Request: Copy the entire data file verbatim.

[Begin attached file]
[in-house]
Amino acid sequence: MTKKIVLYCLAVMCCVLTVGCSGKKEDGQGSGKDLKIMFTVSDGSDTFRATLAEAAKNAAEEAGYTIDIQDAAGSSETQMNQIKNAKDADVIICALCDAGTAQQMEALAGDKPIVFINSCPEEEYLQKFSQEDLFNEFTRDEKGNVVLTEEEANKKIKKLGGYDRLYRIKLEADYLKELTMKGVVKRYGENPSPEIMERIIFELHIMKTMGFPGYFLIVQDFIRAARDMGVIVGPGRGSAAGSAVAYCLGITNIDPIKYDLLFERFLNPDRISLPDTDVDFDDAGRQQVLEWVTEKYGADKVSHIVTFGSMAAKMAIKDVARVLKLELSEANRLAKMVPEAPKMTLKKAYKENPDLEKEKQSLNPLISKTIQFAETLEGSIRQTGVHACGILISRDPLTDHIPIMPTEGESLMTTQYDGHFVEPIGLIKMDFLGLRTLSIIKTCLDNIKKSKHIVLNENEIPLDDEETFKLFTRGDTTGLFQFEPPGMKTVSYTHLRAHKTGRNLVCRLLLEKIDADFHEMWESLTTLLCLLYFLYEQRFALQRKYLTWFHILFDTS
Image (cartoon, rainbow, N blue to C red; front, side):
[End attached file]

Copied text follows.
[in-house]
Amino acid sequence: MTKKIVLYCLAVMCCVLTVGCSGKKEDGQGSGKDLKIMFTVSDGSDTFRATLAEAAKNAAEEAGYTIDIQDAAGSSETQMNQIKNAKDADVIICALCDAGTAQQMEALAGDKPIVFINSCPEEEYLQKFSQEDLFNEFTRDEKGNVVLTEEEANKKIKKLGGYDRLYRIKLEADYLKELTMKGVVKRYGENPSPEIMERIIFELHIMKTMGFPGYFLIVQDFIRAARDMGVIVGPGRGSAAGSAVAYCLGITNIDPIKYDLLFERFLNPDRISLPDTDVDFDDAGRQQVLEWVTEKYGADKVSHIVTFGSMAAKMAIKDVARVLKLELSEANRLAKMVPEAPKMTLKKAYKENPDLEKEKQSLNPLISKTIQFAETLEGSIRQTGVHACGILISRDPLTDHIPIMPTEGESLMTTQYDGHFVEPIGLIKMDFLGLRTLSIIKTCLDNIKKSKHIVLNENEIPLDDEETFKLFTRGDTTGLFQFEPPGMKTVSYTHLRAHKTGRNLVCRLLLEKIDADFHEMWESLTTLLCLLYFLYEQRFALQRKYLTWFHILFDTS
Image (cartoon, rainbow, N blue to C red; front, side):